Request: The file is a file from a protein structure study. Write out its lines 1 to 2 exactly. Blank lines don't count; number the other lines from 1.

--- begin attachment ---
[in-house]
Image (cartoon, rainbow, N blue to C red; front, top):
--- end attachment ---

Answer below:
[in-house]
Image (cartoon, rainbow, N blue to C red; front, top):